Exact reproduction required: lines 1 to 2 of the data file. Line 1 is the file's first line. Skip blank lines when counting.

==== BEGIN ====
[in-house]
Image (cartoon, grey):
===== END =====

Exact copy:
[in-house]
Image (cartoon, grey):